MOM Concludes “No Clear Evidence” Of Disguised Retrenchments, Really?
Manpower Minister Lim Swee Say recently revealed that Ministry of Manpower (MOM) received 94 cases from employees with retrenchment-related issues last year.
15 appeals came from employees who have been dismissed but felt that they were retrenched and deprived of their retrenchment benefits.
But only one appeal is being resolved.
The other workers were either not entitled to retrenchment benefits as:
they have less than 2 years of service or,
there were no retrenchment benefits specified in their contracts or collective agreement
Looking at these figures, MOM concluded that there is “no clear evidence” of disguised retrenchments.
But how many disguised retrenchments go unreported?
These are some stories which have surfaced over the last week, but may not have been reported to MOM, hence depressing the actual numbers of disguised retrenchments.
In case you cannot view the above Facebook post, here it is:
Parent and son came to Meet-the-People Session over their employment issues.
Son encountered a dispute regarding his first job, a contract for service, which he had terminated, and we spent close to an hour brainstorming possible options. Even roped in a lawyer activist who was around to deliberate.
After son’s case, Parent requested for advice over being asked to resign, after serving decades (also first job), by supervisor due to medical issues. Brought along the newspaper article on disguised retrenchment. Company is unionised. Parent is Union member. Voila! Wrote down Union’s contact and gave a 101 on Industrial Relations. Parent relieved to be able to be represented by someone in the company.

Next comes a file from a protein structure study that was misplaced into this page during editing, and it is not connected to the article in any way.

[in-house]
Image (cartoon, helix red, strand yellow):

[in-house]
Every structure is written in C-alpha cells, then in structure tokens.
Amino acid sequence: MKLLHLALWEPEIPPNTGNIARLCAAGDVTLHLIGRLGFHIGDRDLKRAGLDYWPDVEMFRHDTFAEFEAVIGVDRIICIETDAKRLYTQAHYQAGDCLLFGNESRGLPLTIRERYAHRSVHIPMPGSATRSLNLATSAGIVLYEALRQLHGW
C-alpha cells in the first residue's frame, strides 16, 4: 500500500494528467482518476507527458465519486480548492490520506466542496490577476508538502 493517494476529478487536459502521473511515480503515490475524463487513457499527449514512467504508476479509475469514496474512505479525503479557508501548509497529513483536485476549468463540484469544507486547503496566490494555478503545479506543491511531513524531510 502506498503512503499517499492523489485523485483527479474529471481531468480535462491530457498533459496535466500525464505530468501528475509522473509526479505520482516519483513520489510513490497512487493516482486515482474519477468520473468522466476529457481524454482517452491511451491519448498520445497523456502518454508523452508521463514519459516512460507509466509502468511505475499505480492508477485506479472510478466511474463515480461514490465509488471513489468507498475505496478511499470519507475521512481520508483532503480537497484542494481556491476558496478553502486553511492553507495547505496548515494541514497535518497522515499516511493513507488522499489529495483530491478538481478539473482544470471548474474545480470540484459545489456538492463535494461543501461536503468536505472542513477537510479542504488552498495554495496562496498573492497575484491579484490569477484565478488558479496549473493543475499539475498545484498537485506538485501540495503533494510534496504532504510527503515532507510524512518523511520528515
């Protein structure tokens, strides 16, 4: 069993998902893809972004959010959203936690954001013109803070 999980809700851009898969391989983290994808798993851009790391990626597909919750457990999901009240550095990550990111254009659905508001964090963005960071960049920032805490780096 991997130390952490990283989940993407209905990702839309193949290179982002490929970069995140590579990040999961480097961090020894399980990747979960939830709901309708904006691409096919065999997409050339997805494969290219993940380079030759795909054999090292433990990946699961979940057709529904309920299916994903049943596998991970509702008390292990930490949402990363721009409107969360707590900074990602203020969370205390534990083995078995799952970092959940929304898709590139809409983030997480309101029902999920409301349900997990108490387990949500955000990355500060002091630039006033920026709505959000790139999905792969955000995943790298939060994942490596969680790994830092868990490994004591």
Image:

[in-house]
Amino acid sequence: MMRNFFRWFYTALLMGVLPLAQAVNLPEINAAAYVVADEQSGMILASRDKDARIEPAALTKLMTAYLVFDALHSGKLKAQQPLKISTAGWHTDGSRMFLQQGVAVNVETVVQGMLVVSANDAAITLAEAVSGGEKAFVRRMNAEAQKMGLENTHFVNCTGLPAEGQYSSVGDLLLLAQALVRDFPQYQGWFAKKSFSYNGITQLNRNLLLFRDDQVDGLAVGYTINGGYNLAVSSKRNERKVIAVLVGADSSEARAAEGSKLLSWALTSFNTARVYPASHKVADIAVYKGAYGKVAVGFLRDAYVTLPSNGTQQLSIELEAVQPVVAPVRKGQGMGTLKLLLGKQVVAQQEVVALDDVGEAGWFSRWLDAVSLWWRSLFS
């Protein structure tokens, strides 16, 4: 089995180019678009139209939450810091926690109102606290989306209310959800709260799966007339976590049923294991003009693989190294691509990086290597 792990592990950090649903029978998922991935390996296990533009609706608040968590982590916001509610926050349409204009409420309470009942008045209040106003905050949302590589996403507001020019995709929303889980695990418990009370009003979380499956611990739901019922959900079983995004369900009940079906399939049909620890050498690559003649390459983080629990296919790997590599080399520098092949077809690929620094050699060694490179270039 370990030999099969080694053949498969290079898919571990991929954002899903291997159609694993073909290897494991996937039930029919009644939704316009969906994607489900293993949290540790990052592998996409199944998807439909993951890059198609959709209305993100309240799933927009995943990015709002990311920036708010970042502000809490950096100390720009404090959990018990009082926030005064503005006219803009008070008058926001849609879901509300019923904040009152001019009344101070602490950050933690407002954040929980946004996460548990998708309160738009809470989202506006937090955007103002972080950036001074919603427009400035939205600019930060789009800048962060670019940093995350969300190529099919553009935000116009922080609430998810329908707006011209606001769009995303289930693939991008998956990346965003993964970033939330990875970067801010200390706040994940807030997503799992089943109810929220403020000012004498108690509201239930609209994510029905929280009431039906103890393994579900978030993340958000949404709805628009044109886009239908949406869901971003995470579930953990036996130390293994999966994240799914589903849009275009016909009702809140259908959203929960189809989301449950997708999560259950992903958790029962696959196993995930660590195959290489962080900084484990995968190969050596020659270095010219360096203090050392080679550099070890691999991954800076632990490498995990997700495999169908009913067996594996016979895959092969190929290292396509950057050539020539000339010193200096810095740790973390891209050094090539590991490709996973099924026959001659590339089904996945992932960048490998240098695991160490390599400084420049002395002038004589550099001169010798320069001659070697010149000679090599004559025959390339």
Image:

Both first jobs. Different generations. Different challenges.
Glad to be able to tap on my own job expertise to help someone!
Besides the story above, there are cases of staff being asked to resign after 20 years from a job, after their old boss was replaced by a new one.
How can you be prepared for a disguised retrenchment?
NTUC Assistant Secretary-General Patrick Tay told The New Paper how companies show these tell-tale signs of trying to get rid of employees to reduce costs.
Workers are suddenly given poor performance ratings when they had previously received consistently good ratings.
A company’s order books are empty.
He said ”
We want to know early so that we can help workers who are affected as best as we can. We want to help them with a seamless transition to another employer.
We can also negotiate the retrenchment payout which might not be prescribed in the collective agreement.
What can you do about disguised retrenchments?
Out of 15 appeals to MOM, only 1 appeal is eligible to be resolved.
If you work in a non-unionised company, there will be no protection for retrenchment benefits even after the new Employment Claims Tribunal and Tripartite Alliance for Dispute Management (TADM) framework starts on 1 April 2017.
Hence, unless you can convince your company to state retrenchment benefits in your contract, your best protection is to be unionised so that the union can negotiate on your behalf.